Every office has its secrets, but covert skulduggery becomes an issue of national security in the corridors of the FBI headquarters. Based on a notorious real-life case, this impressively grown-up blend of spy-movie suspense and probing character study begins with keen-as-mustard junior agent Eric O’Neill (Ryan Phillippe) getting the unlovely task of spying on his new boss, veteran Russian intelligence expert Robert Hanssen (Chris Cooper), to assess suspicions that he’s a sex pervert. As it turns out, Hanssen the devout Catholic has indeed been sharing videos of his kinky activities in the marital bed, but that’s not the least of the man’s contradictions: a loyal career officer, often abrasively critical of lax security standards, he’s also in the illicit pay of the Russians.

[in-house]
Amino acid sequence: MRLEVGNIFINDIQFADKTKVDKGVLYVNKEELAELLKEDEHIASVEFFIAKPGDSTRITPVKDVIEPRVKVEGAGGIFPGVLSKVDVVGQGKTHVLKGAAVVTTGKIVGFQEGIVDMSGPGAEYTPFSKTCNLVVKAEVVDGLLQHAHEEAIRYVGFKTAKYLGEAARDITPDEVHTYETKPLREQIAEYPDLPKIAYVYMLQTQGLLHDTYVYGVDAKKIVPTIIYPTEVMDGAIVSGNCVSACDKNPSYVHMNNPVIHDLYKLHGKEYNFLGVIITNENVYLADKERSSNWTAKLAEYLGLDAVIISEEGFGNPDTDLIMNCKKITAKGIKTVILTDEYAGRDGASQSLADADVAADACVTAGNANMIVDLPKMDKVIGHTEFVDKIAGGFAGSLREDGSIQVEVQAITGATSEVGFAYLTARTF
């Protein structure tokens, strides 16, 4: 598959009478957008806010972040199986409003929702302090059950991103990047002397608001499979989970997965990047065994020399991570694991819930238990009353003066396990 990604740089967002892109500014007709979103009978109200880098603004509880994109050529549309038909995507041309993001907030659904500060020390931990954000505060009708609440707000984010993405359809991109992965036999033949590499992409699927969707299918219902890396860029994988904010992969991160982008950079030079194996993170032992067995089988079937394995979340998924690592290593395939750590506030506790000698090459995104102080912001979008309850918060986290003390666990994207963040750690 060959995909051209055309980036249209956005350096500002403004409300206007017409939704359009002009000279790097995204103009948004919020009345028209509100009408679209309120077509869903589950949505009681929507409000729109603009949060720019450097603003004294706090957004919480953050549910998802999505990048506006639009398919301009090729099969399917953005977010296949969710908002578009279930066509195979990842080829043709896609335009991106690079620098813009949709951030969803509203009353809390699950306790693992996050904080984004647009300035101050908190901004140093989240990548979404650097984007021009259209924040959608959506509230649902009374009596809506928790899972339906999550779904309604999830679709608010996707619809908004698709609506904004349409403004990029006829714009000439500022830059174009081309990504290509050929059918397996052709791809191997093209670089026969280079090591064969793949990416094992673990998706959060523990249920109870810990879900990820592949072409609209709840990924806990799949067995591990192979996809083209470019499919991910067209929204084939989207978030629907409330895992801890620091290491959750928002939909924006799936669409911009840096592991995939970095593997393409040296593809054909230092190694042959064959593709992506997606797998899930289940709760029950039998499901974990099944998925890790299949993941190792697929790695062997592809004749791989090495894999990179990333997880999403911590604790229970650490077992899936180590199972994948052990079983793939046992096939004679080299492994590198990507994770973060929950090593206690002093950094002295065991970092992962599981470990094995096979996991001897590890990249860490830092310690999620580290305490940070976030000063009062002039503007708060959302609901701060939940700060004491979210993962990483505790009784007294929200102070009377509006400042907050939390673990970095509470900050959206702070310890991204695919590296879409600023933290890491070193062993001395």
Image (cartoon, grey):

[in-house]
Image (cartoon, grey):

Phillippe delivers one of his more substantial performances as the blue-eyed boy terrified he’s going to screw up his first major assignment, yet Cooper simply owns this movie, reptilian and unknowable in a performance that’s an odds-on bet for Oscar attention. He’s well served too, by writer director Billy Ray, who looks as though he’s been studying his Jean-Pierre Melville, methodically taking us through the agency’s everyday routine to build nerve-shredding tension later on when the narrowest time window becomes available to search Hanssen’s office. As a thriller, a seemingly rather plain movie becomes gripping almost by stealth, yet there are broader issues at stake too, for the security services’ inability to ‘read’ a given individual not only dissolves the certainties essential for their work, it also challenges our own assumptions (on celluloid and in life) of the integrity of human character. Tense, fascinating, worthwhile.